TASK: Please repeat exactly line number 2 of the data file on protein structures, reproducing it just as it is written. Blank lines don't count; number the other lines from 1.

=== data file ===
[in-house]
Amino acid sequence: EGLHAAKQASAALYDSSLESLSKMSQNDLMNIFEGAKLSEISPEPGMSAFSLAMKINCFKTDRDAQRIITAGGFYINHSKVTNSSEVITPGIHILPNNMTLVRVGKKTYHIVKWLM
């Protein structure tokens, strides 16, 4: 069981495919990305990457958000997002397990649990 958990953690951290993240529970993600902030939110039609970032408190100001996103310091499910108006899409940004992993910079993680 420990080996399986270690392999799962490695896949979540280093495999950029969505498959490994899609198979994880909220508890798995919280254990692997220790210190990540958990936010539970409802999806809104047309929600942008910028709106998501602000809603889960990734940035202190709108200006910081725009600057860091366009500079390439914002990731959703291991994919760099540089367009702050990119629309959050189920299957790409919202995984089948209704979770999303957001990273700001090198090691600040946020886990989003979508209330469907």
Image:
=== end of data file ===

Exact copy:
Amino acid sequence: EGLHAAKQASAALYDSSLESLSKMSQNDLMNIFEGAKLSEISPEPGMSAFSLAMKINCFKTDRDAQRIITAGGFYINHSKVTNSSEVITPGIHILPNNMTLVRVGKKTYHIVKWLM